January 9, 2009

Afghanistan: Obama's Vietnam

The analogy isn't exact. But the war in Afghanistan is starting to look disturbingly familiar

by John Barry and Evan Thomas

About a year ago, Charlie Rose, the nighttime talk-show host, was interviewing Lt. Gen. Douglas Lute, the military adviser at the White House coordinating efforts in Afghanistan and Iraq. "We have never been beaten tactically in a fire fight in Afghanistan," Lute said. To even casual students of the Vietnam War, his statement has an eerie echo. One of the iconic exchanges of Vietnam came, some years after the war, between Col. Harry Summers, a military historian, and a counterpart in the North Vietnamese Army. As Summers recalled it, he said, "You never defeated us in the field." To which the NVA officer replied: "That may be true. It is also irrelevant."

Vietnam analogies can be tiresome. To critics, especially those on the left, all American interventions after Vietnam have been potential "quagmires." But sometimes cliches come true, and, especially lately, it seems that the war in Afghanistan is shaping up in all-too-familiar ways. The parallels are disturbing: the president, eager to show his toughness, vows to do what it takes to "win." The nation that we are supposedly rescuing is no nation at all but rather a deeply divided, semi-failed state with an incompetent, corrupt government held to be illegitimate by a large portion of its population. The enemy is well accustomed to resisting foreign invaders and can escape into convenient refuges across the border. There are constraints on America striking those sanctuaries. Meanwhile, neighboring countries may see a chance to bog America down in a costly war. Last, there is no easy way out.

True, there are important differences between Afghanistan and Vietnam. The Taliban is not as powerful or unified a foe as the Viet Cong. On the other hand, Vietnam did not pose a direct national-security threat; even believers in the "domino theory" did not expect to see the Viet Cong fighting in San Francisco. By contrast, while not Taliban themselves, terrorists who trained in Afghanistan did attack New York and Washington in 2001. . . .


Enver Masud, "Bin Laden Not Wanted for 9/11: The 'FBI has no hard evidence connecting Bin Laden to 9/11'. Vice President Cheney says, 'We've never made the case, or argued the case, that somehow Osama Bin Laden was directly involved in 9/11'," The Wisdom Fund, June 8, 2006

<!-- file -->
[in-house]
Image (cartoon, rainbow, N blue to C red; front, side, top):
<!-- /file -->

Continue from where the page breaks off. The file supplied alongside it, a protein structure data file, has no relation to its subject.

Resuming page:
Larry Everest, "Afghanistan: A War for Empire,", October 17, 2008

Syed Saleem Shahzad, "Faceless Taliban Rule Pakistan's North-West Frontier Province," Asia Times, January 29, 2009

Chalmers Johnson and Tom Engelhardt, "Economic Death Spiral at the Pentagon,", February 3, 2009]

[The U.S.-led campaign against the Taliban suffered two logistical blows Tuesday as the president of Kyrgyzstan announced that he'd shut a U.S. airbase in his country and insurgents in Pakistan blew up a bridge, disrupting the main U.S. supply route into Afghanistan.--Tom Lasseter and Jonathan S. Landay, "U.S. supply routes to Afghanistan suffer two huge blows," McClatchy, February 3, 2009]

Jacob G. Hornberger, "Immediately Withdraw from Afghanistan Too,", February 9, 2009

Gary Langer, "Frustration With War, Problems in Daily Life Send Afghans' Support for U.S. Efforts Tumbling," ABC News, February 9, 2009

M. Shahid Alam, "Afgahn Pitfalls,", February 13, 2009

[The mountainous borderlands where Afghanistan meets Pakistan have been described as a Grand Central Station for Islamic terrorists, a place where militants come and go and the Taliban trains its fighters. Now Barack Obama has made solving the 'Af-Pak' question a top priority. But could the battle to tame the Pashtun heartland become his Vietnam?--Jason Burke, Yama Omid, Paul Harris, "'Pashtunistan' holds key to Obama mission," Guardian, February 15, 2009]

[ . . . the annual budget for the entire Afghan government, which is largely provided by the United States and other international donors, is about $1.1 billion, which means the annual price of the program would be about twice the cost of operating the government of President Hamid Karzai.--Thom Shanker and Eric Schmitt, "U.S. Plans Expanded Afghan Security Force," New York Times, March 19, 2009]

Simon Jenkins, "Obama Must Call Off This Folly Before Afghanistan Becomes His Vietnam," Guardian, June 25, 2009

back button